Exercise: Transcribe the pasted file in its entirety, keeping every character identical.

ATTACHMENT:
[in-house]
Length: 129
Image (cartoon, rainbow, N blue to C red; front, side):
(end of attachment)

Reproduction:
[in-house]
Length: 129
Image (cartoon, rainbow, N blue to C red; front, side):